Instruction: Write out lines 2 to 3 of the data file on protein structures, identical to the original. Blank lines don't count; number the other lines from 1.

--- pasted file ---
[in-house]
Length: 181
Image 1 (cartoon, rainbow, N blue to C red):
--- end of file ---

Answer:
Length: 181
Image 1 (cartoon, rainbow, N blue to C red):